Understanding High-Voltage Circuit Breaker Nameplates — Part 2

Volney Naranjo, MeggerIndustry Topics, Spring 2022 Industry Topics

Along the extensive and complex electrical system infrastructure from generation to transmission and distribution, the wide variety of medium- and high-voltage circuit breakers (MV/HV CB) vary in size, interrupting medium, number of breaks per phase, and various other attributes.

To help classify breakers and their attributes, they are all shipped with a nameplate stating the minimum information about specific mechanical, physical, and electrical characteristics that is required by IEEE Std. C37.04. Although manufacturers are only required to provide the minimum information, some provide more detailed information than others.

Viewing the nameplate yields a variety of information concerning the CB’s function, electrical characteristics, and expected performance. For example, the same breaker may have different types of operating mechanisms, and this might not be apparent when first looking at the nameplate. Further investigation would be needed to fully understand the breaker’s mechanism specifications.

Understanding the information provided on the nameplate provides a general description of the CB’s mechanism and operating conditions. Since there are many types of CBs, as well as numerous manufacturers, several questions can provide helpful information:

  • Do all nameplates provide the same information?
  • What is the minimum information that must be stated on the nameplate?
  • One important specification on the nameplate is interrupting time. Does this correlate to operating times measured while testing?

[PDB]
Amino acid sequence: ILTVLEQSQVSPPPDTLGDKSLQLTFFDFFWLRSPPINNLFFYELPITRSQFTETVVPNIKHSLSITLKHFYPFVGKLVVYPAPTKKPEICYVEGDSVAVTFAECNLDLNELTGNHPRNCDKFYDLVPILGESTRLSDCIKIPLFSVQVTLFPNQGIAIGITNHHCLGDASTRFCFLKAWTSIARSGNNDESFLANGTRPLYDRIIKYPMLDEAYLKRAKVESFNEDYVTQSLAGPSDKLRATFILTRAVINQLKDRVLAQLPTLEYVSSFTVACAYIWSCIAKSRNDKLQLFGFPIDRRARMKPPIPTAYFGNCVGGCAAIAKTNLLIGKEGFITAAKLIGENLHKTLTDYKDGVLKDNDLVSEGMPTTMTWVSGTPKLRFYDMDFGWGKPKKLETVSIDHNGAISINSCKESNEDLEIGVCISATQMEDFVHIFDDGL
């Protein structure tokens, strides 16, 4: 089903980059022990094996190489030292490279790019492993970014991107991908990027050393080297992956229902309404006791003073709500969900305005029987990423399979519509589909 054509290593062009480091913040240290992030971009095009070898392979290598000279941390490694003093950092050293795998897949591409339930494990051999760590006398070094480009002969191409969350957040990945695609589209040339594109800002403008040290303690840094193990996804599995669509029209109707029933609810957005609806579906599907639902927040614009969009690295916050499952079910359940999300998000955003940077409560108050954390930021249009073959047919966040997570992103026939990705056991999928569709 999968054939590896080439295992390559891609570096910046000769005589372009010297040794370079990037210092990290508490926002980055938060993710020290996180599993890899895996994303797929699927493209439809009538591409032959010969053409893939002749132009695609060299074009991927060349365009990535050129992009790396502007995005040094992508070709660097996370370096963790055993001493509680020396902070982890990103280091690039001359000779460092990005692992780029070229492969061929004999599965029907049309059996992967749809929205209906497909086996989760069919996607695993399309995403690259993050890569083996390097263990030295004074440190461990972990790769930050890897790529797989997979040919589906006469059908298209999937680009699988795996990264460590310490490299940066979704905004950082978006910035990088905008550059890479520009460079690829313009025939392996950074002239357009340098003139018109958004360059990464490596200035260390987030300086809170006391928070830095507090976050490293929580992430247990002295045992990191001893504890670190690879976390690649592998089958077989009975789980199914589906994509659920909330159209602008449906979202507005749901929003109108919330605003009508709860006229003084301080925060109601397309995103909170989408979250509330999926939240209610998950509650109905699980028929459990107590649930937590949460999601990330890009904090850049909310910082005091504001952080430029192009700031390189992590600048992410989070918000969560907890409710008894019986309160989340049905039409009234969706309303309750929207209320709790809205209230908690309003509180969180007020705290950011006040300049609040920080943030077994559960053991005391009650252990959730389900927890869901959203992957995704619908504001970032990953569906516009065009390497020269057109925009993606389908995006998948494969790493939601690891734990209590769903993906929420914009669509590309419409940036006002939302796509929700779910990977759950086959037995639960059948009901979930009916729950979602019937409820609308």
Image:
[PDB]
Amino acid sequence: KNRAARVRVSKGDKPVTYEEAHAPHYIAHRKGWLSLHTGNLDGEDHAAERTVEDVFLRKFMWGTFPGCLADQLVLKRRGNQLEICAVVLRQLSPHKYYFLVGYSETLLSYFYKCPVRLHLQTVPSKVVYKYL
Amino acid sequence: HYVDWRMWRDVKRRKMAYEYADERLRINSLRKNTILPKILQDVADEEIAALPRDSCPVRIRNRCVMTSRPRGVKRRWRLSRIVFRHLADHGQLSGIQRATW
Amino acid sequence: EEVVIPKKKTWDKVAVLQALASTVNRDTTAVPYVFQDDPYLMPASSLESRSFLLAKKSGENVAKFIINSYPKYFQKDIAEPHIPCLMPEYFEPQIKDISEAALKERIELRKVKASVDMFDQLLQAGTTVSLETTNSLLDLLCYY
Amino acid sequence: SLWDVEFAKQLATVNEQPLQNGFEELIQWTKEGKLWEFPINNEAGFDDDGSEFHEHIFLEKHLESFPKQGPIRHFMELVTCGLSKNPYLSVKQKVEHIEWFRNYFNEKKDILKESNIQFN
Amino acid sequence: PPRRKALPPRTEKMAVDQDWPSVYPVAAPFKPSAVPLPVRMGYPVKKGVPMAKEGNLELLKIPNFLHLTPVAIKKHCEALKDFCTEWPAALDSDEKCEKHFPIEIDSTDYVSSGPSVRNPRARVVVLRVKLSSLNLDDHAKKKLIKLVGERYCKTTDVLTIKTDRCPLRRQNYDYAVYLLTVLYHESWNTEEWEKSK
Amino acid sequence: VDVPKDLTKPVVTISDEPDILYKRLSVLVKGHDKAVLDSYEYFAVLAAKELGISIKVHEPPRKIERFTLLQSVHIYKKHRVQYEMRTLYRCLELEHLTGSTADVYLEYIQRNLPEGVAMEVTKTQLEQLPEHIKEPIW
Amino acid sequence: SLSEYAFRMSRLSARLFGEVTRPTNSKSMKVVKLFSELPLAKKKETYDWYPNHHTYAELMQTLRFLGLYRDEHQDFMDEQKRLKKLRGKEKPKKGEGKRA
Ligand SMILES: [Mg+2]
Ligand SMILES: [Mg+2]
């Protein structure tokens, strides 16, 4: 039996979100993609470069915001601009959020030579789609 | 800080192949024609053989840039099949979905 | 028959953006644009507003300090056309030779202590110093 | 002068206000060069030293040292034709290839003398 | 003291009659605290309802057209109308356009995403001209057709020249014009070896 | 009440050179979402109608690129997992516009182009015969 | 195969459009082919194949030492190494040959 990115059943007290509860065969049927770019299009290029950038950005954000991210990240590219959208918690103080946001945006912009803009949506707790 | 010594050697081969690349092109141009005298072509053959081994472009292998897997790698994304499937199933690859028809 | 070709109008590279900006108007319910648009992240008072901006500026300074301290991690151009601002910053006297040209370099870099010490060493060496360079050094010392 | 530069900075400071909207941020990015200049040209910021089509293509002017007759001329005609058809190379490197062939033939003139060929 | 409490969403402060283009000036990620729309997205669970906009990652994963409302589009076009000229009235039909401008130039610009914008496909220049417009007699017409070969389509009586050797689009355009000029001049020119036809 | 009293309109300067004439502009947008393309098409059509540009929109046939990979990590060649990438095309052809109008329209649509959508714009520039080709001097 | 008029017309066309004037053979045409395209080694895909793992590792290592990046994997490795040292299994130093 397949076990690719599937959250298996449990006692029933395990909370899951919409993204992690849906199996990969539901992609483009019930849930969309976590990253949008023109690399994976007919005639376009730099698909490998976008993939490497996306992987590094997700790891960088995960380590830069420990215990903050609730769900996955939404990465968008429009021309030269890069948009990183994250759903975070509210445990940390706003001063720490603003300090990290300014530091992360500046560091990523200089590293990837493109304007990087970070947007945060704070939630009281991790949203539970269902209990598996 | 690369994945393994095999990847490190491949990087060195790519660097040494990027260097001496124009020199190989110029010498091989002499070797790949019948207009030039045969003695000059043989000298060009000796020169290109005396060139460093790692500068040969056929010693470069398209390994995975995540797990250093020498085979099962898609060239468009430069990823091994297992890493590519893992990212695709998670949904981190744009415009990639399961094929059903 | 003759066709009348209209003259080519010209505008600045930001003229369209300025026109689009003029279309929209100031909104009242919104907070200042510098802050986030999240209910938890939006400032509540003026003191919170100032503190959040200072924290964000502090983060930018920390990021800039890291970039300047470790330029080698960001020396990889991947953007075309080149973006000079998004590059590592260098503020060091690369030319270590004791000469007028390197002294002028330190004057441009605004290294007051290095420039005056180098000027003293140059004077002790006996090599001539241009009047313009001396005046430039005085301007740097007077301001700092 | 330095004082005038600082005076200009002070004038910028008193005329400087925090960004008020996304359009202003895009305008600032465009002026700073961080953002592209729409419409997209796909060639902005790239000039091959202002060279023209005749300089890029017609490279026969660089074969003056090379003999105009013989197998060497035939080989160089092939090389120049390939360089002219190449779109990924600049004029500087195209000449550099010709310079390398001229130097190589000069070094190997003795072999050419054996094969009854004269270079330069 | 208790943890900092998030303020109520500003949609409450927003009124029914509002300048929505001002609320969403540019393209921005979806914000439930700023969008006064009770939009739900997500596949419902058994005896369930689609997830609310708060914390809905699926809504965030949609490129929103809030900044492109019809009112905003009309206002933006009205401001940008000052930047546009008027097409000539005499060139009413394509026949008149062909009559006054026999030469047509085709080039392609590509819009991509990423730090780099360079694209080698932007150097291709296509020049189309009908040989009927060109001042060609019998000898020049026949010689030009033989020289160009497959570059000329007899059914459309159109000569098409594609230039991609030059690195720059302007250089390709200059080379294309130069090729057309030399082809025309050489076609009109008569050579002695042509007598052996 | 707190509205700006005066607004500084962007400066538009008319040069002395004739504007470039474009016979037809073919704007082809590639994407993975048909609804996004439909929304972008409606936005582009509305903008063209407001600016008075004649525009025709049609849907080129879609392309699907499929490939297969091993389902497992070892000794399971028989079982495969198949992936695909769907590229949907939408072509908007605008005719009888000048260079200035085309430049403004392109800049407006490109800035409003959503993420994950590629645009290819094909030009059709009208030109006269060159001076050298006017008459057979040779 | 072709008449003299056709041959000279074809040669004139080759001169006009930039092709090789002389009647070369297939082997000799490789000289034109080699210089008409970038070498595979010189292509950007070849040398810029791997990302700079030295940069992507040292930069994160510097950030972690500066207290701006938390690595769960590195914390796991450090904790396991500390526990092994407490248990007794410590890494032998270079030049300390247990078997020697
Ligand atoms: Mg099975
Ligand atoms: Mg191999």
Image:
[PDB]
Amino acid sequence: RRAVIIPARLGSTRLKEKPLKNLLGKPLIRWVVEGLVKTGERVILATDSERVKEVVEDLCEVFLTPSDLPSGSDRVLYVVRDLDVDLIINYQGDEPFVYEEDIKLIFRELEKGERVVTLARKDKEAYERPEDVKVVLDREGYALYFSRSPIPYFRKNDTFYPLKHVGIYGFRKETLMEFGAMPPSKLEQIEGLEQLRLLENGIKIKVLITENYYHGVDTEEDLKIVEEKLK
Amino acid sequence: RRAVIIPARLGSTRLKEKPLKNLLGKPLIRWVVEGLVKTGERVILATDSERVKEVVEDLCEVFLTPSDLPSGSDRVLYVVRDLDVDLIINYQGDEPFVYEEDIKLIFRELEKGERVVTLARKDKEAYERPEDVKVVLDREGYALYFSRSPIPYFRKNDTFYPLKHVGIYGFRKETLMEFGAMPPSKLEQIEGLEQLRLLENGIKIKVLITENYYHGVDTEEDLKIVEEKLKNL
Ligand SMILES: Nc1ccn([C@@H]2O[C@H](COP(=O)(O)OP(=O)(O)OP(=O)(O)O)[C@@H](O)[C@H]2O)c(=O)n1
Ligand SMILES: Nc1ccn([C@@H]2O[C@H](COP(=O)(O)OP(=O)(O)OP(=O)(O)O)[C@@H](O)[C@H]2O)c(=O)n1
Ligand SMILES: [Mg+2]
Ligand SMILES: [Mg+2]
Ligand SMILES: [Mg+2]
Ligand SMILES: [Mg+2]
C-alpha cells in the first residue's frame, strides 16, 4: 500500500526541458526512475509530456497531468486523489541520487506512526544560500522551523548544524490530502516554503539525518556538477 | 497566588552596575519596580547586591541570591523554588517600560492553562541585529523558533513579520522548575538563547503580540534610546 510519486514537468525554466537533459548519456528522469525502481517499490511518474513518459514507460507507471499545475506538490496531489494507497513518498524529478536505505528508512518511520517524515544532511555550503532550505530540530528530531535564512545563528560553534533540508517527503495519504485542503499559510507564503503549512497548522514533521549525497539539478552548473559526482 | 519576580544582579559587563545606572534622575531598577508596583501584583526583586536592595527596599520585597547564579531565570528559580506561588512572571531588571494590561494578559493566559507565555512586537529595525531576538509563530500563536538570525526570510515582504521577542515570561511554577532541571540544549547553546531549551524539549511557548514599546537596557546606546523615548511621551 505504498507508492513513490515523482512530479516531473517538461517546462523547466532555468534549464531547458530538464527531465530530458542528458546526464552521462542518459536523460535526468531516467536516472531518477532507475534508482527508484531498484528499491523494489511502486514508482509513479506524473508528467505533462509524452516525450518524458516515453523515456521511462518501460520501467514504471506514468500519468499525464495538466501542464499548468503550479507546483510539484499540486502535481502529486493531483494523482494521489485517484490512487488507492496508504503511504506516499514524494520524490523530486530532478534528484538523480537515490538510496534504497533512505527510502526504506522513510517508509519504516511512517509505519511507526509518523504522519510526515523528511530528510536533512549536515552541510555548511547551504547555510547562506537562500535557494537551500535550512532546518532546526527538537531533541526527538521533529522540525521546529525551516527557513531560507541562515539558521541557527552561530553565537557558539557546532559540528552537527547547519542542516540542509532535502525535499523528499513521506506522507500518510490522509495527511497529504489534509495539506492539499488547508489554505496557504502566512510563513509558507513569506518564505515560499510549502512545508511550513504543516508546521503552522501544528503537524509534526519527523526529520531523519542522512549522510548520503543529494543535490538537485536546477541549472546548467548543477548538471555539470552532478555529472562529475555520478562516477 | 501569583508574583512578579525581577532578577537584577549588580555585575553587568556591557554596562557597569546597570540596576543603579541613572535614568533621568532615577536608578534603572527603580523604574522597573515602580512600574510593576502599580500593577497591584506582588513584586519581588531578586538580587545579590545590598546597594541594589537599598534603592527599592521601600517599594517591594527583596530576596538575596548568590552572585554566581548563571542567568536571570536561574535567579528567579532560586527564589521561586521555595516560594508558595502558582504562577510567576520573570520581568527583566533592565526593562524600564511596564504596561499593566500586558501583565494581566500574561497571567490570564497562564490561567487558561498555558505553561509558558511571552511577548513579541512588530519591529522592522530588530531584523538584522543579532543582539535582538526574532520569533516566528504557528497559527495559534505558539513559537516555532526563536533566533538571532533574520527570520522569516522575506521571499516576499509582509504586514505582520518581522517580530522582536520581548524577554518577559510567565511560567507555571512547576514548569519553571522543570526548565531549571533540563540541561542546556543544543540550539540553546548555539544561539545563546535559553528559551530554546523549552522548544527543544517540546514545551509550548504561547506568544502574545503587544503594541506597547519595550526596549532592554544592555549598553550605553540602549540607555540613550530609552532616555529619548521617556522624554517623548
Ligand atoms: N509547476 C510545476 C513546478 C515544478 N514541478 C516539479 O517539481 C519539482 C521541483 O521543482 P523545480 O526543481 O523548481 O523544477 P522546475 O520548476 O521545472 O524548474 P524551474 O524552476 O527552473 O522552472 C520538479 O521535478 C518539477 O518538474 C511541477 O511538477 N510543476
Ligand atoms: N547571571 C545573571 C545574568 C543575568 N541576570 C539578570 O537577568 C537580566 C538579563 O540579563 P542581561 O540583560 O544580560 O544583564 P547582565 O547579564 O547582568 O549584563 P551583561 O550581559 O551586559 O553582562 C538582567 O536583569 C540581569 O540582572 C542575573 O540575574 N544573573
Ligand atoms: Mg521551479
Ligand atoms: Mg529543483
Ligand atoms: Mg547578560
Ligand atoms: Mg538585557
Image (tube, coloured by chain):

• Will a quick glance at the nameplate tell you everything you need to test on the CB and what the expected values are?

Part 1 of this article in the Winter 2021 issue of NETA World focused on the HV/MV CB nameplate information that is necessary for testing purposes. IEEE nameplate requirements and definitions were discussed, and parameters that are commonly tested in the field were described along with whether the parameter is verified or measured during the design, factory, or field phase of the breaker’s life cycle.

In the end, the reader gained a basic understanding of the CB nameplate and how it relates to the application, operation, and maintenance of the CB.

Here, in Part 2, additional testing of parameters not shown on the nameplate is discussed.

Proper testing will confirm the expected performance of the CB, and the nameplate helps in preparing the test plan. Prior to and during testing, specific information from the breaker is required to prepare the appropriate test plan, accessories, and evaluation criteria. If test parameters are not given, the nameplate directs the operator to the proper instruction book for reference.

Figure 1A: Separate Nameplates for CB

Figure 1B: Separate Nameplates for Mechanism

Figure 1C: Separate Nameplates for CT


Some of the electrical characteristics are not tested because they are determined by the design of the breaker. If a characteristic is tested, it may or may not be tested during the various cycles in the life of the CB.

Although most of the parameters are tested in the design and/or manufacturing phases of the CB lifecycle, only a few of the nameplate parameters are tested again in the field due to the size of the equipment needed to generate the voltages and currents required. In fact, the only CB parameters listed on the nameplate that are routinely tested in the field are related to the timing of the CB, for example, the rated operating duty cycle (i.e., O-0,3s-CO-15s-CO from the nameplate in Figure 2) and the rated interrupting time. These parameters can be measured with a time and travel analyzer, also known as a circuit breaker timer.